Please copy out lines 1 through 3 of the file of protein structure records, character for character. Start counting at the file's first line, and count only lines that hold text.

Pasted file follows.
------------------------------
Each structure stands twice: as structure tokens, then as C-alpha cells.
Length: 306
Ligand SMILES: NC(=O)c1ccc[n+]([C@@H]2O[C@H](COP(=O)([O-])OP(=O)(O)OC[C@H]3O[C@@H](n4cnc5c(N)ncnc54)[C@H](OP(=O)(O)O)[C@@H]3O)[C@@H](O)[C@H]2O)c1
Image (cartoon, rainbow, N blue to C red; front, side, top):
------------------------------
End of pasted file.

Each structure stands twice: as structure tokens, then as C-alpha cells.
Length: 306
Ligand SMILES: NC(=O)c1ccc[n+]([C@@H]2O[C@H](COP(=O)([O-])OP(=O)(O)OC[C@H]3O[C@@H](n4cnc5c(N)ncnc54)[C@H](OP(=O)(O)O)[C@@H]3O)[C@@H](O)[C@H]2O)c1